Dancing with Dubrovnik

Jutting out the bathtub-warm waters of the Dalmatian coast, the Croatian city of Dubrovnik is a treasure trove of history, good eating and cobbled alleys that whisper, “come explore me”. The city that once rivaled nearby Venice for medieval supremacy was rightfully called “the Pearl of Adriatic Sea”, and its ancient ring of thick, imposing defensive walls testify to its former importance.

Its Adriatic empire is long gone, Dubrovnik now plays the role of a world class city hosting myriad festivals, cultural events, and tourists. Taking advantage of the lower prices and warm weather, travelers increasingly choose the down-to-earth charm of the city over the pricier, more claustrophobia-inducing locales like Venice. Though the secret about Dubrovnik is out and the summertime season swells its normal population of about 62,000 with visiting history buffs, foodies and sun worshipers, it remains surprisingly affordable and pleasant.


Large chunks of the Old Town are now traffic-free zones, making this traveler’s ambling along the winding streets a stress-free experience. Do yourself a favor and duck into a family-owned restaurant and enjoy some of the local cuisine. Like any coastal area, a rich traditional has evolved as generations of fishermen and local chefs raised their main food resource to a tasty art.

Some local favorites include grilled red mullet, savory stews, fresh oyster with lemons, and the amazing shrimp buzara, a sauce of tomatoes, white wine, onions and breadcrumbs. Because of its proximity to other coastal countries, some Croatian fish dishes also carry Italian and Spanish influences.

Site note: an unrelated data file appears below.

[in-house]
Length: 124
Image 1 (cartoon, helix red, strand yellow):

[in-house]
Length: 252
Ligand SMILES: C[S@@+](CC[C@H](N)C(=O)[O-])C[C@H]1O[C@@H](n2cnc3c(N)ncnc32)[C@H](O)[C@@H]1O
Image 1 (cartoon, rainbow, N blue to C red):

Many restaurants hug the cliffs that jut out over the sea, affording diners a breathtaking view of the aqua-blue waters spreading out into the horizon. Local restaurants serving great traditional fare include the laid-back Sesame, the old fashioned Dubrovacki Kantun, and the popular Rozarij.

Once the shops of Old Town close for the night, revelers come out and the cobbled quarters become the scene of music, drinking and flirting till early morning. Clubs and bars abound along the winding lanes. Some clubs spin middle-of-the road electronica and some cater to a more artsy/underground crowd.

In terms of bars, there are plenty, particularly a clutch located behind the grand cathedral. Faux Irish pubs are the latest craze, packed with Aussies, Americans and UK partiers—but few locals. Katie O’Connor’s holds the title of Oldest Irish Pub in Town, and is situated in an old stone cellar.

Be warned: Revelers in Dubrovnik ten to up the classiness when they hit the town, so don’t dress in your worn jeans, Nike trainers and unwashed shirt. If you brought some nice clothes, now’s the time to wear them.

In terms of accommodations, cheap beds can be found at Vila Micika Hostel and Dubrovnik Backpacker’s Club and Youth Hostel, Dubrovnik. At the other end of the spectrum, plusher experiences can be had at the Hotel Kazbek, Hotel Bellevue, and Hotel Excelsior.

With its affordable mix of historic cobbles and great eats, this frugal traveler finds much to love about the “Pearl of the Adriatic”.


About the author

James Ullrich is a freelance travel writer, author and tour guide. His work has been published in several magazines including The New York Examiner, World War II, Aviation History, Renaissance, Global Aviator, Backpacker, This England, Writers Weekly, Travel Post Monthly, Travel Addict, and Military among others. The May/June ’14 issue of Business Jet Traveler for which James contributed an article won the 2014 Folio Award for Best Full Issue of a Travel or Transportation Consumer Magazine.
In his free time he enjoys wandering through Europe with a backpack and a journal. He has an MA in Psychology and hangs his rucksack in Seattle. Info on his articles, novels and tour guiding can be found on his website at www.jamesullrichbooks.com

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